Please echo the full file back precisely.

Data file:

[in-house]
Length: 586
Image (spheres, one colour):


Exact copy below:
[in-house]
Length: 586
Image (spheres, one colour):